We first classified each user into male and female groups by using the five criteria from Jahani et al. (Jahani et al., 2017), i.e., night time calls, calls at home, call duration, antenna usage, and call initiation. As a result, there were 780,634 males, 673,447 females, and 164,184 unclassified users (mainly due to inadequate amount of data to satisfy all five criteria). Our goal here was to examine the representativeness of the CDR data given a gender ratio in terms of correlation to the census data, therefore, similar to Section 3.2, we examined the correlation of 11 different gender ratios (percentages of males and females); 0:100, 10:90, 20:80, 30:70, 40:60, 50:50, 60:40, 70:30, 80:20, 90:10, and 0:100. Since the numbers of males and females were different, so for each ratio examination, the total amount of random subjects was 600,000. So that, for example, the 0:100 ratio included a randomly selected 600,000 females and no male, and for the 10:90 ratio, there were 60,000 randomly selected males and 540,000 randomly selected females, and so on. For each ratio examination, this random selection was repeated for 10 times to avoid potential bias towards a single selection. The result is shown in Figure 7 where the average correlation peaks at the 50:50 ratio (R2 = 0.74) and hits the lowest value at 20:80 ratio (R2 = 0.40). The standard deviation value is relatively low across all ratios (the average value was 0.0011). Intuitively, the result suggests that with an equal mixture of male and female users (50:50 ratio), CDR data can best resemble the population density. We would like to note that in the region under study, there is a gender equality i.e., the different behavior, aspirations, and needs of both women and men are considered, valued and favored equally. Their rights, responsibilities, and opportunities do not depend on whether they are male or female. The result observed here somewhat reflects on this fact.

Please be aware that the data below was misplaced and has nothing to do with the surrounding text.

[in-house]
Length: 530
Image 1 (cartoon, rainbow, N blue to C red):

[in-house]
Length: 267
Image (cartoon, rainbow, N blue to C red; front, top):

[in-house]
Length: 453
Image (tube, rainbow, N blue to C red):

Mobile phone data (CDR) has a great advantage over the traditional human behavioral datasets, such as national travel survey, household survey, and traffic count, that are typically collected through questionnaires and interviews, which are expensive and time-consuming, as well as inaccurate as it may be based on recalling past activities, while CDRs provide longitudinal real-life behavioral data. While CDRs have been used to advance human behavior research in various directions with interesting and useful discoveries, those CDR datasets only provide a partial view of the whole population as the data used was limited to the service coverage of some network operators who were the data provider. This study aims at determining the extent to which the CDR data obtained from certain network operators can represent the whole population, by examining the representativeness of the data in forms of the correlation coefficient between the CDR-derived population density and the census data, from three perspectives; operator’s market share, urban-rural user population ratio, and user gender ratio. The study reveals that (i) the representativeness of the CDR data does not scale at the same rate with the market share, (ii) the urban-rural user population ratio of 80:20 can best represent the population density distribution, and (iii) an equal mixture of male and female user population can best resemble the actual population density.